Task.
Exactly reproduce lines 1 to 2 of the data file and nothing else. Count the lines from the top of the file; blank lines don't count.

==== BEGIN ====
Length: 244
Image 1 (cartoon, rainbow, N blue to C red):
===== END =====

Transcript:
Length: 244
Image 1 (cartoon, rainbow, N blue to C red):